The CW Corner – Best practices for mitigating website hacks
We at CharlesWorks are often asked by our web clients if their site is protected from malware and getting hacked. They also want to know if there site IS hacked, whether there be a charge to fix it.
The totally hack-proof website
The totally hack proof website has no access to it. So it’s not connected to the Internet. No one can view it. Such a website doesn’t sound like its of much use if no one can see it.
So, let’s agree that it is unrealistic to believe that a publicly accessible website can be totally hack-proof. Any website that is accessible via the public Internet is consistently subjected to attempts to break into it. Believe it or not, that’s the norm as opposed to the anomaly.
That being said, however, there ARE things you can do to mitigate website hacks. I have to stress the word mitigate here. Mitigation is defined as the action of reducing the severity, seriousness, or painfulness of something.
Site hacks are based on odds
My goal here is to simply remind you of what you most likely already know: that we can reduce the probability – the odds – of your site being hacked. We at CharlesWorks want that probability to be so low that it hopefully it doesn’t ever happen to you.
The major hacking causes
I have been operating CharlesWorks since 1998. In my experience, there appear to be two major reasons why sites get hacked:
- The access credentials/passwords have been compromised.
- The software that operates them wasn’t kept up to date.
Lets take a look at each of these below.
Compromised Access Credentials
Compromised passwords and bad actors gaining access to website login credentials is the major reason we see sites hacked. Think about this in terms of your car. You could have alarms on it. But if you make a copy of your car key and give it to someone, they can do whatever they like with the car. Whether its a drive along the beach or to rob a bank, your car is theirs to use with the key you gave them. Credentials – log in and passwords – work pretty much the same way.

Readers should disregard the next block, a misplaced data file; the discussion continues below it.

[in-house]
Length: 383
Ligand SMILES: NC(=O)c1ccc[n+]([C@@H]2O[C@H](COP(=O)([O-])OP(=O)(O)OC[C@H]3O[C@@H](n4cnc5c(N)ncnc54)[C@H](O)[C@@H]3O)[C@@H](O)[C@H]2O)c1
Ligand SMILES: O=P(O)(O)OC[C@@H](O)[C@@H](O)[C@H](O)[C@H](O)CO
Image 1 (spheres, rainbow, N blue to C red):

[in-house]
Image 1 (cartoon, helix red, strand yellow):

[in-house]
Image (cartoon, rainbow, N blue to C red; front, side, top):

CharlesWorks has many clients who want to be able to do things themselves. We are strong proponents of doing it yourself when it’s feasible and convenient. This is especially true for adding posts or page materials. It also makes sense when making other changes or modifications to your site. It is, after all, YOUR website.
However, many people fall prey to phishing schemes. Directly or indirectly, they usually end up tricked into giving out their website access credentials (as well as credentials to everything else they own). This is especially true if your email account is hacked and the hackers are able to access emails containing your website’s (and other) login credentials.
This problem is exacerbated if you have shared your website’s administrative or other access with others. Think of your emails containing various authorizations or login information as a potential weak link in a chain. If you have shared that information with others you have now created more weak links. This increases the odds of a potential compromise.
One of the best ways to mitigate these situations is to change your site’s access passwords so they are different than those possibly stored in your emails. And, to hope that anyone you may have shared your website access with has done the same.